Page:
Religious groups protest secular laws in Tunisia

Story Published: Apr 1, 2011 at 1:00 PM PDT CATU.COM

Story Updated: Apr 1, 2011 at 1:00 PM PDT

Religious groups protest secular laws in TunisiaTunisian demonstrators pray near the Prime Minister’s office as they stage a protest calling for the resignation of Tunisia’s Prime Minister Mohamed Ghannouchi in Tunis, Friday, Feb. 25, 2011. (AP Photo/Salah Habibi)

TUNIS, Tunisia (AP) – Police fired tear gas Friday on stone-throwing youths in Tunisia’s capital after a demonstration by hundreds of Islamists protesting the country’s secular laws.

The violence at the end of a day of peaceful, small protests disrupted a period of relative calm in the North African country, where an uprising ousted the longtime president in January and prompted revolts around the Arab world.

It was unclear whether anyone was injured or arrested in the clash.

Protesters held two demonstrations in Tunis on Friday, one by a group demanding more economic freedoms and another by young Islamists shouting “God is great” and other religious slogans.

Their demonstration came as the Interior Ministry announced Friday that women are no longer required to take off headscarves for official state ID cards. The Islamist protesters want the government to remove restrictions on the headscarf in public buildings and other measures.

A strong secular flavor pervades this former French colony, partly because ousted President Zine El Abidine Ben Ali and his predecessor, Habib Bourguiba, kept Islamists in check.

Even though 98 percent of the population are Muslims, only a minority of women wear Islamic headscarves, and Friday, the Muslim day of rest and special prayer, is part of the Tunisian work week.

Police showed up in force Friday to ring the historic Casbah to try to prevent violence at the planned protests. The Casbah saw tensions during protests earlier this year, in which scores of people were killed when police under Ben Ali’s hard-line regime fired on protesters.

Friday’s demonstrations were mostly peaceful, with a few hundred people, including Islamists in white prayer caps.

In the evening groups of youth marched near the Casbah and clashed with police, who responded with volleys of tear gas.

Karin Laub in Tunis contributed to this report.

About Eeyore

Canadian artist and counter-jihad and freedom of speech activist as well as devout Schrödinger's catholic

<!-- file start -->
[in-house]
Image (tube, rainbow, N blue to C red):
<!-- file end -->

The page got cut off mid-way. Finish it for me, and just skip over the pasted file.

3 Replies to “Religious groups protest secular laws in Tunisia”

  1. The Islamists are taking over just as we all knew they would, the Caliphate is reforming and we are all going to regret that anyone ever supported the Moslem rebels in North Africa.

  2. We are going to regret having any dealings with Muslims anywhere, OPEC included.

    The photo is perfectly revealing of one very strong aspect of Muslim communities around the world.

    When Muslims pray in Parisian streets or en-masse in Washington DC, they are showing you their strength in numbers. Its pretty much the same as when the Chinese armed forces parade on May Day or when the Nazis held their rallies in Germany. Its an utter symbol of political power.

    When Muslims were ordered by the founder of their cult to pray five times per day with others, he was telling them to note who was not there with them. If your neighbors or family members aren’t in the mosque with you, they could be apostates, and you know what that means in Islam; death. Its a not-so-subtle symbol that Islam has you and yours by the short and curlys.

    So on the one hand, they are telling us that they have numbers. On the other they are telling each other to toe the line or be killed as apostates.

    Either way, its hardly a religious act when both reasons are there for control and conquest.

  3. The Moslem Brotherhood is taking control all over North Africa and the “useful idiots” of the West are saying that they will be voted out in the next election, the next elections there will be stage managed like the Iranian elections are.

    RRWest you are doing the world a big service by helping to educate the people who don’t understand how cults and dictators operate, please keep up the good work.

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